The long stickers that go on the inside of his legs are quite a pain to get on straight thanks to limited access to that space, but at least it's pretty clear which way around they should go. Those stickers have a quarter circle-shaped section cut out of them so that they don't interfere with the conical hinge on the inside of his foot where the screw sits. Simple enough to determine, a bit tricky to apply.

These stickers above may not present a problem for most, but they did give me pause to think "which way around do they go?". Normally, the way a sticker is presented on the stickersheet can dictate which side of the toy it goes on. For these side skirt and bumper stickers, as horrid as they were to apply accurately and then Stickerfix, it was worth investigating and realising that the curved corner should face towards the ground, where the wheel arch ends. This is especially important for sticker set "6", the tiniest of the black side skirt stickers.

Courtesy of Botch The Crab

I've made you wait long enough for the mystery, though, so here is the main point of contention for these Sunstreaker stickers as I see it. The two long stickers that sit under Sunstreaker's chest in robot mode are shown - in my opinion - incorrectly in the instruction booklet. These are labelled "1" on the Transformers stickersheet. It's not that I looked at the instructions and immediately thought "wrong", it's just that when the location and orientation are not completely obvious, I find it hard to trust from just this singular source. So, it was time to investigate earlier, Diaclone examples.

Unfortunately, much of the Diaclone Red Sunstreaker's packaging and paperwork shows the toy without stickers applied, and the sides of the box don't show the toy at all. However, the Diaclone Police Sunstreaker's box does have the above image, and it provides a very good clue as to the orientation of those stickers beneath the canopy/chest.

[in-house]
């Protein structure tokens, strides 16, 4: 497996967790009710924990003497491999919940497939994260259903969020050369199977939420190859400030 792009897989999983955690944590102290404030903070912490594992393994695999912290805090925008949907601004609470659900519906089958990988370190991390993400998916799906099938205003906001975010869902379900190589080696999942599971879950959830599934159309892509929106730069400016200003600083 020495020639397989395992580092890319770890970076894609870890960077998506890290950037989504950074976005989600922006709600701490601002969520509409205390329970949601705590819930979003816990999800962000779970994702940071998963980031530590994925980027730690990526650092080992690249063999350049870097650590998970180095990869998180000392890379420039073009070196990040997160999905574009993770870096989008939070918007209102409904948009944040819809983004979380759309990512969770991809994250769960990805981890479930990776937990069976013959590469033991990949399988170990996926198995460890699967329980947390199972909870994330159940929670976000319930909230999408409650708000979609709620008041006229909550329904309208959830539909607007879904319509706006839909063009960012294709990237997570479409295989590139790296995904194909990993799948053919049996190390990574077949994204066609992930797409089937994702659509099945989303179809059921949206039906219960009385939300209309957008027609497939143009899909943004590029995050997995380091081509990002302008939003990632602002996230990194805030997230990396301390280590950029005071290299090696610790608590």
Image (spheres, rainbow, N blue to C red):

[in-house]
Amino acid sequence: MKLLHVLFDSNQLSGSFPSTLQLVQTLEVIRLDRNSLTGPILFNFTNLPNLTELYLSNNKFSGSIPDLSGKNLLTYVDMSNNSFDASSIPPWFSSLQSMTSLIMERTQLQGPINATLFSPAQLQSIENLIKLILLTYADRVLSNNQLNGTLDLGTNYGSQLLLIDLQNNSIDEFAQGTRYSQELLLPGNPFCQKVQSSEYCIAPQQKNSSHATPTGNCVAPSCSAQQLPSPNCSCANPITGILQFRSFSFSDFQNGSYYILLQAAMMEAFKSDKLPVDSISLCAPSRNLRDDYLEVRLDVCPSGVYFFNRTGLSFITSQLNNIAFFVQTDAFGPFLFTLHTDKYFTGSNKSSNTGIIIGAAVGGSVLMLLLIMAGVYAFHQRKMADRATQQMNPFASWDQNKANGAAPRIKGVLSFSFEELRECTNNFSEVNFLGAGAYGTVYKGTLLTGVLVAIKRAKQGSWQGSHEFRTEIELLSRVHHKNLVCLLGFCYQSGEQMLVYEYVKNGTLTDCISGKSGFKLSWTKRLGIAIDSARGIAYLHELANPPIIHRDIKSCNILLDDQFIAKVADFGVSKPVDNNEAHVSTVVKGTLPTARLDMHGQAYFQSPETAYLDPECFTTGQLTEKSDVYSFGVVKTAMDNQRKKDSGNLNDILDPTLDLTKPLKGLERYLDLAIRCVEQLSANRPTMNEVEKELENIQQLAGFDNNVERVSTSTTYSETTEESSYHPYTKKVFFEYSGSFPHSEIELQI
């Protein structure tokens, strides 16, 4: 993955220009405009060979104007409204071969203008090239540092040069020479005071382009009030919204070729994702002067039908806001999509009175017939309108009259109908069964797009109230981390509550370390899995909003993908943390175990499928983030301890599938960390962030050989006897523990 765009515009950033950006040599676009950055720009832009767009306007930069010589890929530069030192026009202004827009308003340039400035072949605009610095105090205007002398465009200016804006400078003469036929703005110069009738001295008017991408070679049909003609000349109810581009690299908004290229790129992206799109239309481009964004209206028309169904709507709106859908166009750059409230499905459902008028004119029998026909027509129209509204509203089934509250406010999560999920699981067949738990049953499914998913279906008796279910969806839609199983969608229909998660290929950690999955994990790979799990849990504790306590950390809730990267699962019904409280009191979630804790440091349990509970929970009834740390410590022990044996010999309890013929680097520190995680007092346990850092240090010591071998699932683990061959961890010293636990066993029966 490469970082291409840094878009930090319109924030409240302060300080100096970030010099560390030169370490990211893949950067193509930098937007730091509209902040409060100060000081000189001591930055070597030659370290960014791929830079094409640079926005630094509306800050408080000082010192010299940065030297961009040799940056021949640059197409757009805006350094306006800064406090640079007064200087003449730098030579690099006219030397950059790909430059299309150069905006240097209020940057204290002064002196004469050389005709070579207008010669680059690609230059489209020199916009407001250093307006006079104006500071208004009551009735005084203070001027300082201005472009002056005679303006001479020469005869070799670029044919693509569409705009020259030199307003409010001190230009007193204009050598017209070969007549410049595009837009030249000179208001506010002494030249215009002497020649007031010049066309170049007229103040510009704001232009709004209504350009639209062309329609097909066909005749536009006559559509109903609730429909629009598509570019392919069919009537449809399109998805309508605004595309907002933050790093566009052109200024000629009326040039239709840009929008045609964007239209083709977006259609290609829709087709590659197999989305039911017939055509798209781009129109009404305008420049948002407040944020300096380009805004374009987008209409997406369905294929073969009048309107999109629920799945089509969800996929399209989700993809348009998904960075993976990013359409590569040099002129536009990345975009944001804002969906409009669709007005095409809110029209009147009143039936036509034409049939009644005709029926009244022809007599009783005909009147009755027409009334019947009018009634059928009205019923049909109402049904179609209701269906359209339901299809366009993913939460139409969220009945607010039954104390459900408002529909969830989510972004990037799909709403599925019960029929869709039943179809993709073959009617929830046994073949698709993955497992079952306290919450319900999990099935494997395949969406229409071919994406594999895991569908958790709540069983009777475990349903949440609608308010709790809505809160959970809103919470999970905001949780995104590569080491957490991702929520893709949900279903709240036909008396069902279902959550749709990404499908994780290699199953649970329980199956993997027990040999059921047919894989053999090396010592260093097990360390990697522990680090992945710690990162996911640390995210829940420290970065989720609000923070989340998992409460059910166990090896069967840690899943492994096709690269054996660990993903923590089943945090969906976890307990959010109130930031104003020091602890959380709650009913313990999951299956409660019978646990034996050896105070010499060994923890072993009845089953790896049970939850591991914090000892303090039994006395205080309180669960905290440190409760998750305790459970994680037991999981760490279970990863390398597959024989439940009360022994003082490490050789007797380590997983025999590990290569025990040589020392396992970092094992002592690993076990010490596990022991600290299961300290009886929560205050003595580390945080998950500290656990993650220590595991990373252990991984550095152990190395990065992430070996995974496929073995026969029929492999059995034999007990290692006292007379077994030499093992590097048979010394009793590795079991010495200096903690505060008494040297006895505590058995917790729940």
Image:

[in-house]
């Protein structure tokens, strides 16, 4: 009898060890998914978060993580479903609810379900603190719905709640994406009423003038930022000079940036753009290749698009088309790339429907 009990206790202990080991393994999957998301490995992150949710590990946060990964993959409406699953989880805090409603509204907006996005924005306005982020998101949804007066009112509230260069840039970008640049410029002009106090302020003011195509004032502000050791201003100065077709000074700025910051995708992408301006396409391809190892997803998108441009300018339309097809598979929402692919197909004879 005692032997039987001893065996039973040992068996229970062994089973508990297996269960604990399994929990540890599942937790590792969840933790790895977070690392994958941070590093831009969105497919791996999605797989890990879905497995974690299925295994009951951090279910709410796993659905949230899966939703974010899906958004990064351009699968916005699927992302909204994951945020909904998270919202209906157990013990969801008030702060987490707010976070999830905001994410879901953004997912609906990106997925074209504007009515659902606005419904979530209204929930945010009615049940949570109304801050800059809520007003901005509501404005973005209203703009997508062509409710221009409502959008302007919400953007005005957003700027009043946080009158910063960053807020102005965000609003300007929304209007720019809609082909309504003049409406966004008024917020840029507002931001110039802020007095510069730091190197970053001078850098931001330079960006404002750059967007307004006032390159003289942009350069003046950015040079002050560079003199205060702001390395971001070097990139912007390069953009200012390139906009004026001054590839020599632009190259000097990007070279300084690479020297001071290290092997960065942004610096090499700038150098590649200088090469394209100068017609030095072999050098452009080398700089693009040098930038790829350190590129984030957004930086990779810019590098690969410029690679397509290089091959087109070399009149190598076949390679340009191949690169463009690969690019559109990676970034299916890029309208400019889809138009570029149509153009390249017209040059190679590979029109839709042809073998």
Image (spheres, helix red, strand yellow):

Diaclone 'Police Sunstreaker' stickersheet

Diaclone 'Red Sunstreaker' stickersheet

I still have scans/pics of my original Japanese Diaclone Countach stickersheets, mercifully. On the Police Sunstreaker stickersheet, have a close look at sticker set "7", and on the red Diaclone's sheet, it is labelled "1" with an almost identical layout to TF Sunstreaker's stickersheet. Because of the orientation of the diagonal lines (blue/black on red Sunstreaker sheet, blue/black/white/yellow on police), you can tell how they have been applied on the Police Sunstreaker shown in stock photography on the side of the box, above. This picture I have of a loose Diaclone red Sunstreaker shows them aligned the same way, and it's quite revealing:

If you look carefully just below where the chrome engine block ends and the roof/canopy begins, you can see the diagonal lines of the stickers pointing inwards, and what appear to be striped red vent details exposed on the outside of the sticker.

Red vent details on stickers

Those same vent details are white on the Police Sunstreaker stickers. Clearly, those vent details on the stickers are meant to remain exposed in car mode when everything is folded back down over that section, and therefore they are coloured the same as the vehicle!

Already peeling!

That realisation led me to believe that had Sunstreaker's stickersheet been 100% redone to reflect the car becoming yellow, then these vent stickers would have been coloured yellow along with the shoulder stickers. In fact, considering that there are other details on those same stickers (four trapezoidal shapes on each sticker) that are red for the red Countach and white for the Police Countach, perhaps even those shapes would have been coloured yellow, too.

Maybe the following would be a close approximation of what Sunstreaker would have looked like had those stickers been adjusted to reflect yellow details instead of red:

It's nice to know that there was just that little bit more to the designer's intentions than simply creating futuristic looking details, but that it was meant to imply further bodywork detail than the physical sculpt could provide. As it is, the mixture of prominent red highlights among the glorious yellow of Sunstreaker is a signature one, and it is very much part of the aesthetics of one of the most stunningly beautiful Transformers toys of all time.

All the best


  1. This is one of my favorite articles of yours. I feel very few people appreciate the history of these toys like you do. What I would give to talk Transformers history over lunch! haha

    1. Haha thank you so much for the kind words! TFNation is a great place to meet fellow collectors, you know :)